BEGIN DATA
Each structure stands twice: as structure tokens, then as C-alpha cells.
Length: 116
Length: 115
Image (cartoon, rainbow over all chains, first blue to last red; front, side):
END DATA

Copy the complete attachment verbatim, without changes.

Each structure stands twice: as structure tokens, then as C-alpha cells.
Length: 116
Length: 115
Image (cartoon, rainbow over all chains, first blue to last red; front, side):